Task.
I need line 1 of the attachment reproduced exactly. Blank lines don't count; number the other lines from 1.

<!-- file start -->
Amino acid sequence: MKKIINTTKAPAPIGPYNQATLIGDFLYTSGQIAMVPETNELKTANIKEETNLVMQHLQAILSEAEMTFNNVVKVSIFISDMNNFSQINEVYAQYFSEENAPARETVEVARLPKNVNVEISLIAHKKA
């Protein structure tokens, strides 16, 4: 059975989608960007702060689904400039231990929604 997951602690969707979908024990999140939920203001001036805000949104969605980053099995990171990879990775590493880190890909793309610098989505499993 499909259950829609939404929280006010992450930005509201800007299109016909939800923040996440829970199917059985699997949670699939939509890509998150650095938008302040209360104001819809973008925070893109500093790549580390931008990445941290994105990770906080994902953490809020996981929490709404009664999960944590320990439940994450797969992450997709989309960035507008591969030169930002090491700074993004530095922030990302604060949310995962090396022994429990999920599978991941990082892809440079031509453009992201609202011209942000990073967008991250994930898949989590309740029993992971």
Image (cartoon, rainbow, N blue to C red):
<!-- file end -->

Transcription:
Amino acid sequence: MKKIINTTKAPAPIGPYNQATLIGDFLYTSGQIAMVPETNELKTANIKEETNLVMQHLQAILSEAEMTFNNVVKVSIFISDMNNFSQINEVYAQYFSEENAPARETVEVARLPKNVNVEISLIAHKKA